Vancouver, BC – The prevailing topic among hockey fans in Canada is, without question, the looming NHL lockout. But in British Columbia, talk about NCAA Division I hockey has been making some waves recently.
Specifically, the discussion of potentially having the highest level of collegiate hockey find a home in the Metro Vancouver area has been starting to heat up.
That once-thought pipe dream took a step toward becoming reality several weeks ago when it was announced that Burnaby's Simon Fraser University was approved as the first international school in the NCAA.
While SFU currently does not have a varsity hockey team - it has a sports club which competes in the British Columbia Intercollegiate Hockey League, a 6- year-old organization which boasts seven members including, one American team from Eastern Washington University - that hasn't stopped school officials from openly pondering the possibility of the school competing in NCAA Division I hockey sometime in the near future.
SFU's 17 NCAA varsity sports teams compete in NCAA Division II, meaning they would have to petition to be allowed to play in Division I hockey. There is no Division II hockey available and, as per NCAA regulations, they would not be permitted to play in the lower-tier Division III hockey.
NCAA hockey almost certainly would thrive in a market like Vancouver which is not only unwavering in its support of the NHL's Canucks - they have the longest active consecutive sellout streak in the NHL at 407 games, counting regular season and playoffs - but also has embraced major junior hockey in the form of the WHL's Giants and Junior "A" hockey with a handful of BCHL teams located within the Lower Mainland and Fraser Valley region.
While it would be untrue to suggest that any hockey league based in the area will automatically succeed in terms of gaining instant fan support - the AHL's Abbotsford Heat and the Canadian Interuniversity Sport (CIS) Men's University of British Columbia Thunderbirds have proven to be exceptions to the rule - the high profile of the NCAA combined with the fact the league is seen as a stepping-stone to the NHL for many of the top-end talent playing there would certainly help it garner attention not only among the student population but in the general public as well.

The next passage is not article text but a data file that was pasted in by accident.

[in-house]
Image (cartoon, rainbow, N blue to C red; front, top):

At this past summer's NHL Entry Draft, more than 60 players who were either playing college hockey or had committed to a school, including six from the first round, were selected by NHL clubs.
One of this offseason's most prolific free agents, Justin Schultz, who spurned several suitors to sign with the Edmonton Oilers, also is from the collegiate hockey ranks, having played the past three seasons with the Wisconsin Badgers before opting to turn pro.
If SFU does pursue a varsity hockey team at the Division I level, there will be a bevy of challenges aside from just the logistics of going through the application process as well as the cost attached to starting a program essentially from the ground up.
They would certainly run into opposition from the WHL Giants, who would consider the potential SFU NCAA club as a direct competitor since the two would be actively trying to recruit the same players. They would have to pick to play for one or another but not both. Under current NCAA regulations, any player who suits up in a major junior game is subsequently ineligible to play at the NCAA level.
Finding a suitable venue, barring the unlikelihood of one being built atop Burnaby Mountain, where SFU's main campus resides, also would be a top priority. SFU's hockey club currently plays out of Bill Copeland Arena - one- time home to the BCHL's Burnaby Express, the Junior "A" team which produced Ottawa Senators forward Kyle Turris. Its 2,000-seat capacity would rank it among the smallest venues in all of Division I hockey.
The closest large-capacity venue to SFU's campus is the 15,000-plus seat Pacific Coliseum, former home of the Canucks and current home of the Giants, although given the aforementioned conflict between major junior hockey and the NCAA, that would probably not be a viable option.
But regardless of all the hurdles that SFU would have to clear in order to make NCAA Division I hockey in Canada a reality, pursuing that goal seems like a no- brainer considering what the team would do for the profile of the school as well as the immediate return to be gained from the all-but-guaranteed support and attention it would garner from students, media and the general public.
And if SFU manages to get a hockey program up and running, it seems only a matter of time before other Canadian universities start to follow suit.